Craig Kimbrel signing autographs for the kiddos.  The fanbase over at Gwinnett is pretty casual.  They're dedicated to their players, but a lot of them hardly know much about them; they just kind of accept who is given to the squad, and cheer for them.  Nobody I spoke with had any real idea of what Kimbrel was capable of.  I was hoping for a save situation, or any reason to put Kimbrel into the game, because I'm sure he was going to build some local fans real fast.


Matt Young and Gregor Blanco playing catch with Wes Timmons, completing a trifecta of height-deficient baseball players.



When I have a kid, I'm totally going to parade him around at ballgames wearing a dumpy hat way too big for him, because it seems to work wonders on players.  Here's Todd Redmond and Freddie Freeman signing stuff for him, and not like he held out ball, they signed, they sought him out, and signed things for him.  I guess I need a date first.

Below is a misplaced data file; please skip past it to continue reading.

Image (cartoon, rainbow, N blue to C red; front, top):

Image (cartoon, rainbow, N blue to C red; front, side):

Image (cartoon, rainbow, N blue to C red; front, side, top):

But what would be a minor-league game without some kooky, campy promotions?  How about randomly parachuting in people onto the field prior to first pitch?


Joe Thurston is not amused.


Here's the outfield Bern, which is actually a nice large area to spread out a picnic blanket, or lay out in the grass while hoping for home run balls.  And since it's impossible to keep the attention of infant children, a large variety of air rides and games are always available for the younglings.


#17 for the Charlotte Knights is none other than our former catching prospect, Tyler Flowers, who is getting closer and closer to the big leagues.  Despite not really impressing much in his cup of coffee last season, it was good experience for him, and he still has a large fan base in Atlanta, being a Roswell native, and a local boy.  His first at-bat in the game was a towering home run over the left field fence, and pretty much everything he hit was obliterated.


The obligatory Opening Day lineup shot.  During the National Anthem, they blasted a hundred fireworks that literally scared the crap out of everyone in the park.  Several players in the lineup jumped, startled, and about two infants in my section began crying from the fright.


For whatever reason, there was a large contingent of teenagers from Parkview High School in attendance.  I figure they were looking for Jeff Francoeur; they're on the right track, looking in the minors, but I suppose they haven't quite figured out that he's with the Mets these days.